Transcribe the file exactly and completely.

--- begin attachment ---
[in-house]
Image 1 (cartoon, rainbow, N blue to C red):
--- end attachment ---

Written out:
[in-house]
Image 1 (cartoon, rainbow, N blue to C red):